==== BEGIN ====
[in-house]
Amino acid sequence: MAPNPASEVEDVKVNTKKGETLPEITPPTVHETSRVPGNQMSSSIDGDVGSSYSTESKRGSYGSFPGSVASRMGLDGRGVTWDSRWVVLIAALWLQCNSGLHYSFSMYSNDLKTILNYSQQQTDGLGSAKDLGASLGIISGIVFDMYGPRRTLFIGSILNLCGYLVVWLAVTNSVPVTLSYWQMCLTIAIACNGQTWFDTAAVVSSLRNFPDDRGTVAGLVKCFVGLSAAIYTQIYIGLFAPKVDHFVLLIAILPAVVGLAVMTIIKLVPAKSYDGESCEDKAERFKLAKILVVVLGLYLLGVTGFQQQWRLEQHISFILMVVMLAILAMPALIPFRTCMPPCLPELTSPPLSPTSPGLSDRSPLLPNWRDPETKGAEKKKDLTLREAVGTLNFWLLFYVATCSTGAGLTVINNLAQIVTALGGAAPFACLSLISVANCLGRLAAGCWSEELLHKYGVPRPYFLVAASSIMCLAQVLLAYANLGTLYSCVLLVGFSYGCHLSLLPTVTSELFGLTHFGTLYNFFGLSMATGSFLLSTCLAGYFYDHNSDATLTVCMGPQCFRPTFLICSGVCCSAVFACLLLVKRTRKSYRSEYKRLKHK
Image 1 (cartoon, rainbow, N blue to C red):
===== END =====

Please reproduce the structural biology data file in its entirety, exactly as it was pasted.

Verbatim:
[in-house]
Amino acid sequence: MAPNPASEVEDVKVNTKKGETLPEITPPTVHETSRVPGNQMSSSIDGDVGSSYSTESKRGSYGSFPGSVASRMGLDGRGVTWDSRWVVLIAALWLQCNSGLHYSFSMYSNDLKTILNYSQQQTDGLGSAKDLGASLGIISGIVFDMYGPRRTLFIGSILNLCGYLVVWLAVTNSVPVTLSYWQMCLTIAIACNGQTWFDTAAVVSSLRNFPDDRGTVAGLVKCFVGLSAAIYTQIYIGLFAPKVDHFVLLIAILPAVVGLAVMTIIKLVPAKSYDGESCEDKAERFKLAKILVVVLGLYLLGVTGFQQQWRLEQHISFILMVVMLAILAMPALIPFRTCMPPCLPELTSPPLSPTSPGLSDRSPLLPNWRDPETKGAEKKKDLTLREAVGTLNFWLLFYVATCSTGAGLTVINNLAQIVTALGGAAPFACLSLISVANCLGRLAAGCWSEELLHKYGVPRPYFLVAASSIMCLAQVLLAYANLGTLYSCVLLVGFSYGCHLSLLPTVTSELFGLTHFGTLYNFFGLSMATGSFLLSTCLAGYFYDHNSDATLTVCMGPQCFRPTFLICSGVCCSAVFACLLLVKRTRKSYRSEYKRLKHK
Image 1 (cartoon, rainbow, N blue to C red):